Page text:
This isn’t as exploitative as some of their other work together. More gore would have been welcome, for example, but we get plenty of deranged looking tribespeople, a few shrunken heads, stock footage inserts of a snake, one of the weirdest train rides you’ll ever see and quite a bit more. It’s a fascinating artifact, one that almost never saw the light of day. Bleeding Skull’s work putting the final film together and creating an original score for the movie (done entirely with vintage synthesizers) is admirable, as this never feels like anything other than a legitimate SOV oddity. It’s a pretty wonderful final effort from the Bryan/Harmon team and a fittingly bizarre bit of closure to this amazing chapter in B-movie history.

    Run Coyote Run:

    Released in 1987 as a kinda-sorta sequel to Lady Street Fighter, Run Coyote Run, once again written by Harmon and directed by Bryan, introduces us to Anne Wellington (Harmon). Ann just so happens to be the sister of Linda Wellington, the character that Harmon played in Lady Street Fighter, but more importantly than that, she’s as psychic Interpol agent.

    Anne really wants to find out who killed her sister, and so she sets out to do just that, all while various shady FBI agents and hired killers try to take her out of the picture all together. See, there’s an audio cassette out there that could lay all of this to rest and get some very important people into some seriously hot water. It’s important that this tape not fall into the wrong hands.

    Or something like that. This movie uses pretty much the same ‘story’ as Lady Street Fighter, and also uses a whole lot of footage from Lady Street Fighter. And Hell Riders. And Frozen Scream. And The Executioner Part II. None of it matches and none of that matters. There’s a fight scene that starts in a bedroom and then somehow winds up taking place in a warehouse. Harmon looks about twenty-years older in some scenes than in others. A stock footage explosion rocks your world. There are some fun murders in here and weird musical choices. The movie also features a weird cult and foley effects that may have been recorded during a pre-school free play session. Frank Neuhaus plays a too cool for school assassin priest who frequently struts about with a big cross around his neck and a sleeveless black shirt.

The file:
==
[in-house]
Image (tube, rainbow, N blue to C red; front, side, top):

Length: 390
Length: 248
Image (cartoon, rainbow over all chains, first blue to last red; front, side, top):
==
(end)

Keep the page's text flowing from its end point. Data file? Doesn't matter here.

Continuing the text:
It might not make a damn lick of sense, but it is pretty fun to watch and at least try to figure it all out.

    Jungle Trap / Run Coyote Run – Blu-ray Review:

    AGFA brings Jungle Trap to region Free flu-ray transferred from the original 3/4” master tapes in AVC encoded 1080p high definition framed in its proper 1.33.1 aspect ratio and taking up 17.5GBS of space. It looks as good as it probably can, given that it was shot on tape. Expect this to basically look like a VHS and you won’t be too disappointed. The image is fuzzy and detail is soft but it’s all perfectly watchable. Run Coyote Run is also presented in AVC encoded 1080p high definition and framed at 1.33.1. Again, taken from the original 3/4” master and given 18.6GBs of space, quality is on par with the feature attraction. It’s obvious that the elements were less than perfect here, but they aren’t going to get any better! It’s also a perfectly watchable presentation. You can’t realistically go into movies like this expecting pristine quality but AGFA/Bleeding Skull have done a fine job with what they had to work with in this regard.